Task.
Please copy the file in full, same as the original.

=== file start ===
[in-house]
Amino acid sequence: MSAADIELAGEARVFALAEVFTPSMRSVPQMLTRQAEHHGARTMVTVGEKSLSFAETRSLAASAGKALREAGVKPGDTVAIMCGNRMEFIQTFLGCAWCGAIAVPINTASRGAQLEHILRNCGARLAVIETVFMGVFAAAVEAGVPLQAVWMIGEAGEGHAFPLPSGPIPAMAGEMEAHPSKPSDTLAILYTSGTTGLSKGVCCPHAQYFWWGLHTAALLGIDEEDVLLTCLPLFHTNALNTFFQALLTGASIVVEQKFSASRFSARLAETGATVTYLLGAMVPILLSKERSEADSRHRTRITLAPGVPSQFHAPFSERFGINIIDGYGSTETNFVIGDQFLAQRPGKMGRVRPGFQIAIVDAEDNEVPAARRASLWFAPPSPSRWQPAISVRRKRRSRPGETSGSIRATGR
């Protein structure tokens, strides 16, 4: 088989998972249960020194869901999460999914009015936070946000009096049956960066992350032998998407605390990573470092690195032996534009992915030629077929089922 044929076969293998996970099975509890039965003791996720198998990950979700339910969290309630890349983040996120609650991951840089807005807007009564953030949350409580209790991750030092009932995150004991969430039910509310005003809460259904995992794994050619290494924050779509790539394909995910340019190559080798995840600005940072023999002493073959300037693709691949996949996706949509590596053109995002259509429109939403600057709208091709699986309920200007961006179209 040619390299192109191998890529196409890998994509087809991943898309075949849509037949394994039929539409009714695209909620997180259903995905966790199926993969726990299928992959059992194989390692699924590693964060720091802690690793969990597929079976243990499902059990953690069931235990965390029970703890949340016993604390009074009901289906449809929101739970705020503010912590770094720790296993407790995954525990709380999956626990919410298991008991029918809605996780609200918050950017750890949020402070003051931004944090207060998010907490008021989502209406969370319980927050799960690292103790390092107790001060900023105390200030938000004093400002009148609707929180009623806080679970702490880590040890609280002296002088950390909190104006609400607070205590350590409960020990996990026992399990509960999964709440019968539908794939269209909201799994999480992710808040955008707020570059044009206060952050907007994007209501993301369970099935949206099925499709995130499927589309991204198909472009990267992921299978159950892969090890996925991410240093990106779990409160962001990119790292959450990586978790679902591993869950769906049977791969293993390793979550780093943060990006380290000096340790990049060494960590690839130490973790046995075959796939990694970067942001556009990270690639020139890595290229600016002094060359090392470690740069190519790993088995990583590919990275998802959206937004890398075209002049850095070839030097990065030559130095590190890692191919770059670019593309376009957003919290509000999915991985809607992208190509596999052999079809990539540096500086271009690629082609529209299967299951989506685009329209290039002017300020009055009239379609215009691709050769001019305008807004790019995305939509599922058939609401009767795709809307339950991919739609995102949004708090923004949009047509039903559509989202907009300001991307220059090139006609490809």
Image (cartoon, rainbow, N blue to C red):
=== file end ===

[in-house]
Amino acid sequence: MSAADIELAGEARVFALAEVFTPSMRSVPQMLTRQAEHHGARTMVTVGEKSLSFAETRSLAASAGKALREAGVKPGDTVAIMCGNRMEFIQTFLGCAWCGAIAVPINTASRGAQLEHILRNCGARLAVIETVFMGVFAAAVEAGVPLQAVWMIGEAGEGHAFPLPSGPIPAMAGEMEAHPSKPSDTLAILYTSGTTGLSKGVCCPHAQYFWWGLHTAALLGIDEEDVLLTCLPLFHTNALNTFFQALLTGASIVVEQKFSASRFSARLAETGATVTYLLGAMVPILLSKERSEADSRHRTRITLAPGVPSQFHAPFSERFGINIIDGYGSTETNFVIGDQFLAQRPGKMGRVRPGFQIAIVDAEDNEVPAARRASLWFAPPSPSRWQPAISVRRKRRSRPGETSGSIRATGR
């Protein structure tokens, strides 16, 4: 088989998972249960020194869901999460999914009015936070946000009096049956960066992350032998998407605390990573470092690195032996534009992915030629077929089922 044929076969293998996970099975509890039965003791996720198998990950979700339910969290309630890349983040996120609650991951840089807005807007009564953030949350409580209790991750030092009932995150004991969430039910509310005003809460259904995992794994050619290494924050779509790539394909995910340019190559080798995840600005940072023999002493073959300037693709691949996949996706949509590596053109995002259509429109939403600057709208091709699986309920200007961006179209 040619390299192109191998890529196409890998994509087809991943898309075949849509037949394994039929539409009714695209909620997180259903995905966790199926993969726990299928992959059992194989390692699924590693964060720091802690690793969990597929079976243990499902059990953690069931235990965390029970703890949340016993604390009074009901289906449809929101739970705020503010912590770094720790296993407790995954525990709380999956626990919410298991008991029918809605996780609200918050950017750890949020402070003051931004944090207060998010907490008021989502209406969370319980927050799960690292103790390092107790001060900023105390200030938000004093400002009148609707929180009623806080679970702490880590040890609280002296002088950390909190104006609400607070205590350590409960020990996990026992399990509960999964709440019968539908794939269209909201799994999480992710808040955008707020570059044009206060952050907007994007209501993301369970099935949206099925499709995130499927589309991204198909472009990267992921299978159950892969090890996925991410240093990106779990409160962001990119790292959450990586978790679902591993869950769906049977791969293993390793979550780093943060990006380290000096340790990049060494960590690839130490973790046995075959796939990694970067942001556009990270690639020139890595290229600016002094060359090392470690740069190519790993088995990583590919990275998802959206937004890398075209002049850095070839030097990065030559130095590190890692191919770059670019593309376009957003919290509000999915991985809607992208190509596999052999079809990539540096500086271009690629082609529209299967299951989506685009329209290039002017300020009055009239379609215009691709050769001019305008807004790019995305939509599922058939609401009767795709809307339950991919739609995102949004708090923004949009047509039903559509989202907009300001991307220059090139006609490809």
Image (cartoon, rainbow, N blue to C red):